Sham acupuncture can also be used to compare the placebo effect of acupuncture to other treatments. Aspirin for example, can be used in a trial alongside sham acupuncture, and if the latter proves to achieve better results then the interpretation would be that the belief in acupuncture’s effectiveness based on personal beliefs and experience contribute to its effectiveness.

In order for acupuncture to prove itself as a viable therapy in such a test, it needs to prove significantly different in its results when compared to the sham control. In some extremely well designed investigations, both sham and real acupuncture are compared to a third, medical treatment, providing a more in-depth view of acupuncture’s effectiveness.

How is sham acupuncture performed?

In an ideal world, sham acupuncture would be performed as a double-blind, which is the gold standard for how placebos are used in medical trials and tests. In a double-blind test neither the patient or the acupuncturist would know whether a treatment was real or sham. This eliminates many confounding factors and would lead to a far more reliable study. In practice however, this does not seem possible as an acupuncturist would need to practice his or her therapy without knowing whether or not the needle has been placed into the target acupoint.

In reality there are several different kinds of sham acupuncture. One method involves preventing the actual penetration of a needle into the body. Acupuncture needles are extremely fine stainless steel needles that can, in the hands of a skilled and experienced practitioner, pass into the skin with virtually no pain or sensation at all. In a Swedish application of this method needles that retracted into their handles rather than penetrated the skin were used, stimulating some level of contact that can effectively trick the patient into thinking they are receiving genuine acupuncture.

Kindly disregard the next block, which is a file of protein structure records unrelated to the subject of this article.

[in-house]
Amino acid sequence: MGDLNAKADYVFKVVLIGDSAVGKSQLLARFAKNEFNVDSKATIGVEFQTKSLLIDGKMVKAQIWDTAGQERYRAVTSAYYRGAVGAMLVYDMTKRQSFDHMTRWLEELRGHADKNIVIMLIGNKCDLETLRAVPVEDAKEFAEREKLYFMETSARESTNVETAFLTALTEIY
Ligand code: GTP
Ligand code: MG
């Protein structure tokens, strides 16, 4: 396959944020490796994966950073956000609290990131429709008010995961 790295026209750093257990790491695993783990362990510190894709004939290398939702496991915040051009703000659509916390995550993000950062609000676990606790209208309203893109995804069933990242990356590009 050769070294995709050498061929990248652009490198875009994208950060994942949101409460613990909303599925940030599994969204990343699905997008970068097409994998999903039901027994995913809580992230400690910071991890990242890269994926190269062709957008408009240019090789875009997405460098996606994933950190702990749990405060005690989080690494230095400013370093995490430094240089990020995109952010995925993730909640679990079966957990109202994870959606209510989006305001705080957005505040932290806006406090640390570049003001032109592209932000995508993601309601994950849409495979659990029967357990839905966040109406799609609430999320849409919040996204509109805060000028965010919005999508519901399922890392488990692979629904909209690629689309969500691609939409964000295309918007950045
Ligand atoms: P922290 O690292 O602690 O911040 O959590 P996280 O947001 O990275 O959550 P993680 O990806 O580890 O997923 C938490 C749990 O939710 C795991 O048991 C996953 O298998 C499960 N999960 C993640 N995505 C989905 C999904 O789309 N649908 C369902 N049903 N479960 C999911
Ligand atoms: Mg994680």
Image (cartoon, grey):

Another version of sham acupuncture involves inserting needles into random points on the body rather than the acupoints usually targeted. It is important that a patient receiving this type of sham acupuncture is not familiar with acupoints or how acupuncture is performed. If the patient is knowledgeable enough about the practice of acupuncture to notice that the needles are not being placed in the right spots then the sham has effectively failed and the results reported would have to be discounted.

Sham acupuncture is an important practice in a world where many investigations are being performed to ascertain the validity of acupuncture as a treatment for so many different conditions. The key point to remember when performing sham acupuncture is that it is absolutely critical that the patient be unaware of whether or not they are receiving sham or true acupuncture. If the patient determines the nature of the treatment they are receiving, then the treatment would have to be discounted on the grounds that it is a compromised result for the purposes of a scientific investigation.

In more recent years sham acupuncture has been used to great effect and higher quality studies have been reported. With further work, we should be able to reach more solid conclusions about the efficacy of acupuncture as an alternative therapy.